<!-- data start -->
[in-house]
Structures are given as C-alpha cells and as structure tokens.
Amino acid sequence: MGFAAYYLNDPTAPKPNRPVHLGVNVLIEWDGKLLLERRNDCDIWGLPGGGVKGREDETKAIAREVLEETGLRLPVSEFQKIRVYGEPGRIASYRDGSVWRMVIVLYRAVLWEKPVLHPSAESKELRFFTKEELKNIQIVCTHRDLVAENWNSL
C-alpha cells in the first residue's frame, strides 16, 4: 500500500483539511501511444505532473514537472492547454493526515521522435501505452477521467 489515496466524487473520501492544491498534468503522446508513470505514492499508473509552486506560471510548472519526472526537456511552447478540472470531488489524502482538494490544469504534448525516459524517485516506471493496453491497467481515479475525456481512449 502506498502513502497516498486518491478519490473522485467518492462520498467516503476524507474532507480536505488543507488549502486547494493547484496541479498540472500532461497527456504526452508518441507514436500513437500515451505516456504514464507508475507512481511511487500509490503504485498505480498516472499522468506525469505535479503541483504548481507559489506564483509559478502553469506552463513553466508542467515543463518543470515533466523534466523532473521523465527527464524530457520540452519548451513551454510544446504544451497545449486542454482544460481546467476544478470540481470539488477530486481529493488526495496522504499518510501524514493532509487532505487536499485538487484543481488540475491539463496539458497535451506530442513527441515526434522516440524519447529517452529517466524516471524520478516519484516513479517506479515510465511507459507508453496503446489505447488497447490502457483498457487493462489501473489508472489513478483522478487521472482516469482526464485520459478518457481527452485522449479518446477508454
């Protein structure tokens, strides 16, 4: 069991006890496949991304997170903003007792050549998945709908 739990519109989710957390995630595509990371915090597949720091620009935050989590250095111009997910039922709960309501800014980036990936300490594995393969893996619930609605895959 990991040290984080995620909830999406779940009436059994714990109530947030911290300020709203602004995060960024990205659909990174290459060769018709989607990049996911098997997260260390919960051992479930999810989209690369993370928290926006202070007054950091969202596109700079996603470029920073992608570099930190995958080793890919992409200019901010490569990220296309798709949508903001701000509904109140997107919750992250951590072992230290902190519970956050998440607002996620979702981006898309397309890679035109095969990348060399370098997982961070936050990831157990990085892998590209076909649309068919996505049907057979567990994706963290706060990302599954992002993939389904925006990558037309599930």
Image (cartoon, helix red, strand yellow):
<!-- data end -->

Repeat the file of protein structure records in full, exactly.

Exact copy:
[in-house]
Structures are given as C-alpha cells and as structure tokens.
Amino acid sequence: MGFAAYYLNDPTAPKPNRPVHLGVNVLIEWDGKLLLERRNDCDIWGLPGGGVKGREDETKAIAREVLEETGLRLPVSEFQKIRVYGEPGRIASYRDGSVWRMVIVLYRAVLWEKPVLHPSAESKELRFFTKEELKNIQIVCTHRDLVAENWNSL
C-alpha cells in the first residue's frame, strides 16, 4: 500500500483539511501511444505532473514537472492547454493526515521522435501505452477521467 489515496466524487473520501492544491498534468503522446508513470505514492499508473509552486506560471510548472519526472526537456511552447478540472470531488489524502482538494490544469504534448525516459524517485516506471493496453491497467481515479475525456481512449 502506498502513502497516498486518491478519490473522485467518492462520498467516503476524507474532507480536505488543507488549502486547494493547484496541479498540472500532461497527456504526452508518441507514436500513437500515451505516456504514464507508475507512481511511487500509490503504485498505480498516472499522468506525469505535479503541483504548481507559489506564483509559478502553469506552463513553466508542467515543463518543470515533466523534466523532473521523465527527464524530457520540452519548451513551454510544446504544451497545449486542454482544460481546467476544478470540481470539488477530486481529493488526495496522504499518510501524514493532509487532505487536499485538487484543481488540475491539463496539458497535451506530442513527441515526434522516440524519447529517452529517466524516471524520478516519484516513479517506479515510465511507459507508453496503446489505447488497447490502457483498457487493462489501473489508472489513478483522478487521472482516469482526464485520459478518457481527452485522449479518446477508454
């Protein structure tokens, strides 16, 4: 069991006890496949991304997170903003007792050549998945709908 739990519109989710957390995630595509990371915090597949720091620009935050989590250095111009997910039922709960309501800014980036990936300490594995393969893996619930609605895959 990991040290984080995620909830999406779940009436059994714990109530947030911290300020709203602004995060960024990205659909990174290459060769018709989607990049996911098997997260260390919960051992479930999810989209690369993370928290926006202070007054950091969202596109700079996603470029920073992608570099930190995958080793890919992409200019901010490569990220296309798709949508903001701000509904109140997107919750992250951590072992230290902190519970956050998440607002996620979702981006898309397309890679035109095969990348060399370098997982961070936050990831157990990085892998590209076909649309068919996505049907057979567990994706963290706060990302599954992002993939389904925006990558037309599930």
Image (cartoon, helix red, strand yellow):